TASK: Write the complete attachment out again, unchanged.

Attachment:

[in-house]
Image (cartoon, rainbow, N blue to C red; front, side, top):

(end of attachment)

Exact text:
[in-house]
Image (cartoon, rainbow, N blue to C red; front, side, top):